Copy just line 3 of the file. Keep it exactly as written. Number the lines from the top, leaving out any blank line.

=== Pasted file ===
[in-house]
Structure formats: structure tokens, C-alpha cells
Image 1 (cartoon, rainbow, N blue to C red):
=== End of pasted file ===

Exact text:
Image 1 (cartoon, rainbow, N blue to C red):